forced to surrender "unconditionally," without use of the bomb and
without an invasion.1
The post-war negotiations with the Soviet Union was the justification that Truman and his Secretary of State, James Byrnes, used to demonstrate that our atomic monopoly could be used against them if they did not agree with U.S. policy in eastern Europe, especially the issues surrounding Poland. Despite their claims that the atomic bomb shortened the war and saved over 1,000,000 American casualties in a future invasion, their was no need for a future invasion. The casualty estimates were highly exaggerated.
The other issue concerning the Japanese surrender was Truman's continued demand for unconditional surrender as announced by FDR at the Casablanca conference in January, 1943. However, the U.S. Intelligence had known since May, 1945 that the Japanese had asked the Soviet Union to help mediate surrender terms so as to allow the Japanese to retain their Emperor. We knew that that Japan would not surrender unconditionally and needed assurance that they could retain their Emperor. Ultimately the surrender terms were accepted on August 14, 1945 by Japan when we conceded to keeping the Emperor in a post-war constitutional monarchy, something that could have been done the previous May.
The final consideration for using the atomic bomb on August 6, 1945 was the hope that Japan would surrender before the Soviet Union would enter the war and attack the vast Japanese army in Manchuria. The Yalta agreement called for the USSR to enter the war against Japan 90 days after the cessation of hostilities with Germany on May 8, 1945. Roosevelt very much wanted the USSR to enter the war against Japan to help convince Japan to surrender. In fact, Japan did not surrender until after the Soviet Union attached the Japanese Army in Manchuria on August 9, 1945. An objective analysis indicates that the Japanese surrendered after our assurance that they could retain their Emperor and the attack by the USSR.
Truman's decision to drop the atomic bomb on Japan, while arguably controversial, pales in comparison to his decision not to follow the advice of his Secretary of War, Henry Stimson, who had urged Truman to quickly negotiate a nuclear armaments ban with the USSR.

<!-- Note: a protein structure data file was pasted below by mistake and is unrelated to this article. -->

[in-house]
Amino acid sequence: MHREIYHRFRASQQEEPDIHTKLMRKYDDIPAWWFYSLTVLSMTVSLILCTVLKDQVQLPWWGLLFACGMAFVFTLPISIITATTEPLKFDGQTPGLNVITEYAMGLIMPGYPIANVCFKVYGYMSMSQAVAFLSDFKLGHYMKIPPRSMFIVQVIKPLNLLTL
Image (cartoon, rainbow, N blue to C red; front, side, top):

Stimson, was an American statesman, lawyer and Republican Party politician and spokesman on foreign policy. He served as Secretary of War(1911--1913) under Republican William Howard Taft, and as Governor-General of the Philippines (1927--1929). As Secretary of State(1929--1933) under Republican President Herbert Hoover, he articulated the Stimson Doctrine which announced American opposition to Japanese expansion in Asia. He again served as Secretary of War (1940--1945) under Democrats Franklin D. Roosevelt and Harry S. Truman, and was a leading hawk calling for war against Germany. During World War II he took charge of raising and training 13 million soldiers and airmen, supervised the spending of a third of the nation's GDP on the Army and the Air Forces, helped formulate military strategy, and oversaw the building and use of the atomic bomb.
His disagreement with the policies of Truman and his Secretary of State, James Byrnes vis-a-vis negotiating with the USSR caused Truman to ask for and get his resignation on September 21, 1945. Shortly before his resignation, he wrote a memorandum to President Truman on September 11, 1945 urging Truman to negotiate a nuclear arms ban as soon as possible Russia rather than continue the hard line policies used after the dropping of the bomb. I have highlighted some of the most significant parts of that memo.
"MEMORANDUM FOR THE PRESIDENT"
Subject: The advent of the atomic bomb has stimulated great military and probably even greater political interest throughout the civilized world. In a world atmosphere already extremely sensitive to power, the introduction of this weapon has profoundly affected political considerations in all sections of the globe......
In many quarters it has been interpreted as a substantial offset to the growth of Russian influence on the continent. We can be certain that the Soviet Government has sensed this tendency and the temptation will be strong for the Soviet political and military leaders to acquire this weapon in the shortest possible time. Britain in effect already has the status of a partner with us in the development of this weapon. Accordingly, unless the Soviets are voluntarily invited into the partnership upon a basis of cooperation and trust, we are going to maintain the Anglo-Saxon bloc over against the Soviet in the possession of this weapon. Such a condition will almost certainly stimulate feverish activity on the part of t he Soviet toward the development of this bomb in what will in effect be a secret armament race of a rather desperate character. There is evidence to indicate that such activity may have already commenced.
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